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Germany’s Recovery Gives Kosovo Hope

Twenty years after the war that made its contested independence possible, Kosovo is in a precarious position. While it is recognized as a sovereign state by more than 100 countries, Serbia refuses to recognize its independence. With strong Russian support for Serbia, as evidenced by the warm welcome Vladimir Putin received in Belgrade in January 2019, Kosovo’s effective independence is never guaranteed. Indeed, in December of 2018, Serbia responded to the Kosovar parliament’s decision to begin forming an army with threats of military action. Despite these tensions, those wishing for a truly independent Kosovo can find a reason for hope in another European country that once lay at the heart of a potential East-West conflict: Germany. The similarities between Germany twenty years after World War II and Kosovo now help demonstrate that NATO’s use of force and deployment of peacekeepers have been worthwhile and that the West should not abandon Kosovo, lest it fall under Putin’s control.


Celebrating the indepedence of the Kosova at the Heldenplatz in Vienna (Austria) on 17.02.2008 Image courtesy of Tsui © 2008

NATO’s 1999 intervention in Kosovo was the second time the alliance went to war to halt ethnic massacres in the Balkans. When Bosniaks declared independence from Yugoslavia in 1992, Bosnian Serbs, supported by Yugoslav President Slobodan Milosevic, responded not only with military force, but with genocide, something not seen in Europe since World War II. For three years, the alliance stood by while the atrocities took place in its backyard. Only after 8,000 Bosniak men and boys were massacred in Srebrenica in July 1995 did NATO finally launch a military intervention against Serb troops. By the time a peace deal was reached, the death toll had passed 100,000.

The Kosovo intervention, by contrast, was a humanitarian triumph. In 1998, in response to the Kosovo Liberation Army’s armed campaign for independence from Yugoslavia, Milosevic’s Serb forces began targeting ethnic Albanian civilians as well as KLA militants. In March 1999, after the Serbs rejected a settlement brokered by the West and accepted by Kosovo Albanians, NATO launched a 78-day campaign of airstrikes. The intervention halted Serb aggression, and Milosevic capitulated to NATO demands that he withdraw his troops from Kosovo. The death toll of 13,000, while tragic, pales in comparison to that in Bosnia. Thanks to NATO’s intervention and deployment of peacekeepers, Kosovo was confident enough in its future to declare independence from Serbia in 2008.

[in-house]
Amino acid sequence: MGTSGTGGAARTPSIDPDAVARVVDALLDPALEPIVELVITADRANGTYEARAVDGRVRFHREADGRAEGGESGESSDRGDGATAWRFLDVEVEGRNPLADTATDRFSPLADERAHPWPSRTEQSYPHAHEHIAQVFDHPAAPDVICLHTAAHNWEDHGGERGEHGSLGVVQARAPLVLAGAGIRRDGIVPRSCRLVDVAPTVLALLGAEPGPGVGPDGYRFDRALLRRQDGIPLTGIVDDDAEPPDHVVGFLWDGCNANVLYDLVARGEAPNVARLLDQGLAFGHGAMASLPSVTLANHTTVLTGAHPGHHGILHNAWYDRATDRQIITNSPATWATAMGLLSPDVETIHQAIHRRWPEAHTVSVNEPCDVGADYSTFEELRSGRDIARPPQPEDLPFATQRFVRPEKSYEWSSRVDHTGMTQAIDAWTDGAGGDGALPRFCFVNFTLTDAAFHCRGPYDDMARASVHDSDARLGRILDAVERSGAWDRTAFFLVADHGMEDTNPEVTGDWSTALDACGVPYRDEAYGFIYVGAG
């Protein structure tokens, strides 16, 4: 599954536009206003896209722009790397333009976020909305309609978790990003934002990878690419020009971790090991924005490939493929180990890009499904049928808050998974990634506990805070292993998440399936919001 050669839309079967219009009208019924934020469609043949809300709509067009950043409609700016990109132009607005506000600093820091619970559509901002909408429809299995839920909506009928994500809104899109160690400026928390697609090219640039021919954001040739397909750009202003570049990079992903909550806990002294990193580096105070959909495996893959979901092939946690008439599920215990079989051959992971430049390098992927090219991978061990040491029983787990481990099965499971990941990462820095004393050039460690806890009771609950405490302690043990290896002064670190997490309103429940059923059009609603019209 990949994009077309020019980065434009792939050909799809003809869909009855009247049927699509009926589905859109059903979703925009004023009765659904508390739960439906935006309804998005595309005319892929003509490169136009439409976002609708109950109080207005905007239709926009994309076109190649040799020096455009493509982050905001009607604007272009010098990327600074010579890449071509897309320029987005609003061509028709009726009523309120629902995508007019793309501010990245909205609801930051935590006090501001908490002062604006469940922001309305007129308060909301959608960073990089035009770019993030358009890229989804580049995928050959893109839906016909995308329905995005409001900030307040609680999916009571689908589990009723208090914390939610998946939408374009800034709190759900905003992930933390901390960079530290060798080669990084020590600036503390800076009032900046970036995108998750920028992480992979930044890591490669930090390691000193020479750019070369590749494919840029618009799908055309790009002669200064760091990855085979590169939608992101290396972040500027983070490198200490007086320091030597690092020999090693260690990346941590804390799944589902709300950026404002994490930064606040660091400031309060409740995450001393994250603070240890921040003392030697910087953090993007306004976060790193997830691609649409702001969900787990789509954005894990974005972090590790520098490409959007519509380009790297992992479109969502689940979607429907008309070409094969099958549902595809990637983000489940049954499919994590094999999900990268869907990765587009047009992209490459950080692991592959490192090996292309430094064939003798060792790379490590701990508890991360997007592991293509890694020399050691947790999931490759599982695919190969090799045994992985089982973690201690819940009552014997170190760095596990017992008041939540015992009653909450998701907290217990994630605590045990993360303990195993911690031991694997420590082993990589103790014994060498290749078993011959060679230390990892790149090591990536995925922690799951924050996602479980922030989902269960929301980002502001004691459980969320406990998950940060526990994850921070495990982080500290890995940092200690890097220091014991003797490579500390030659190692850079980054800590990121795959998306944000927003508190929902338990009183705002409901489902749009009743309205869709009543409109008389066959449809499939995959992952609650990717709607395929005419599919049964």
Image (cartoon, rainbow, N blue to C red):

Twenty years after World War II, Germany’s situation resembled that of Kosovo today in many ways. The country was divided between a communist East and a democratic West. Each side hosted large foreign armies as it recovered from a far more devastating war – with far more shocking atrocities – than Kosovo experienced. East and West Germany did not even recognize each other diplomatically until 27 years after the end of the war.

Many events between 1945 and 1991, some of which took place in Germany, could have turned the Cold War hot. During the Berlin Airlift, American and British military planes flew over Soviet-occupied East Germany to bring food and fuel to West Berlin after the Soviets blocked the city’s land entrances. In 1961, tensions over the construction of the Berlin Wall brought American and Soviet tanks dangerously close to each other. West Germany also experienced its share of domestic upheaval and political violence: in the 1970s the ultra-leftist Red Army Faction (Baader-Meinhof gang) carried out bombings, bank robberies, and the assassinations of powerful political and economic figures.

By contrast, Kosovo today seems relatively calm. There are currently 4,000 NATO peacekeepers in the country, but that is down from 50,000 when the Kosovo Force (KFOR) first deployed twenty years ago. The number of U.S. military personnel in Germany peaked at more than 274,000 in 1962. And the end of the Cold War has not meant the end of the U.S. presence; in 2016 there were more than 34,000 American troops in Germany. While there have been occasional ethnic clashes in Kosovo in the past two decades, the country has not experienced a string of terrorist attacks like those unleashed by the Baader-Meinhof gang – some of whose members fled to East Germany and were protected by the Stasi, East Germany’s infamous secret police.

At a time when Western publics are broadly skeptical of long-term military deployments like that in Afghanistan, Kosovo provides a counterargument and an example of the efficacy of intervention and sustained political and military engagement. At a time when Putin has invaded and occupied Crimea, seized Ukrainian naval vessels, and given support to right-wing militant movements across the West, it is important that NATO not let Kosovo fall under his control. Solidarity among NATO members was vital to protecting West Germany and the rest of Western Europe from Soviet attack, and to allowing Eastern Europe to eventually break free from communism. That same solidarity is now vital to keep Kosovo free, and to push back against Putin’s attempts to undo the Soviet loss of the Cold War.


Michael Purzycki

Michael has worked as an analyst in the Pentagon and at Bloomberg LP. His primary interests are U.S. defense policy, the Middle East, and energy policy. He has been published in the Washington Monthly, the Truman National Security Project, and France 24.
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